Esprit de la lune : for soprano saxophone and organ
by Andrián Pertout (2012)
Also known as: Spirit of the moon
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Library shelf no. 785.2612/PER 1 [Available for loan]
'Esprit de la lune' or 'Spirit of the Moon' was commissioned by Noah Getz (saxophone) and Heinrich Christensen (organ), and especially for the occasion of a February 2013 performance at King's Chapel in Boston, Massachusetts, USA featuring the Opus 44 (1964) organ by C.B. FISK, Inc. (the first American made 3-manual mechanical action instrument in the 20th century). The work is dedicated to Sir Peter Maxwell Davies CBE (1934-), and serves as an exploration of the musical properties of the 'Magic Square of The Moon' - a 9×9 magic square with a magic constant of 369 (each row, column and diagonal adding up to 369). The magic square features the following numbers associated with the Moon: 9 (number of integers in each row and column), 81 (eighty-one numbers within the range of 1 and 81), 369 (magic constant), and 3321 (sum of all the numbers). A multimedia component in the form of a photographic stage projection presents a selection of 'lunar' images created by New Zealand cellist and photographer Charles Brooks.
'Esprit de la lune' pays tribute to the work of Peter Maxwell Davies in the 1970s, and in particular - as Jonathan Cross explains in 'Composing with Numbers: Sets, Rows and Magic Squares' (an article published in 2003 within Music and Mathematics: From Pythagoras to Fractals) - to Ave maris stella (1975), in which the "Gregorian chant 'Ave Maris Stella' is, in Maxwell Davies's words, 'projected through the magic square of the moon.'" Similarly to Maxwell Davies's approach, a 9×9 matrix (numbered from 1 to 81) containing the 9 transpositions of a 9-note melody, or 'pitch row' is mapped on to the magic square, which is then utilized to generate all pitch material (from left to right, bottom to top; right to left, top to bottom; and combinations). Melodic contrast is additionally provided via the utilization of three separate scales (introduced in each distinct section of the work) to transform the melody. A separate 9×9 matrix based on the numerical sequence of the 9-note melody (featuring an additive scheme reduced to modulo 9, and adopted as augmentations and diminutions of a quaver-beat interpretation of the 'tone row') provides all the rhythmic material.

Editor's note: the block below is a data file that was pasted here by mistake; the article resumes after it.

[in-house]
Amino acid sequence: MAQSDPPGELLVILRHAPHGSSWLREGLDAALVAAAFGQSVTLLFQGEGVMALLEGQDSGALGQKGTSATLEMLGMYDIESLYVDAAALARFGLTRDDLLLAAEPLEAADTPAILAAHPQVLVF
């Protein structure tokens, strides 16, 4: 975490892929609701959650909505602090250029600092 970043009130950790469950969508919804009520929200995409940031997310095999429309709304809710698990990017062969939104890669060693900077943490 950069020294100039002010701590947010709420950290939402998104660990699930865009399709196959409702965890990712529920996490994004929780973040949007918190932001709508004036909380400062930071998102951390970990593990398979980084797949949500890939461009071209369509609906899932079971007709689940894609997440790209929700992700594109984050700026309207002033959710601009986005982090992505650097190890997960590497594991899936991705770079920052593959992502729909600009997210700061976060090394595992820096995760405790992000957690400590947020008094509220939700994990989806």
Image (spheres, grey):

Instrumentation: Soprano saxophone, organ.
Duration: 7 min.
Difficulty: Advanced — Professional
Dedication note: Dedicated to Peter Maxwell Davies
The composer notes the following styles, genres, influences, etc on this work:
Sir Peter Maxwell Davies CBE (1934-), Magic Square of The Moon, ‘lunar’ images
Performances of this work
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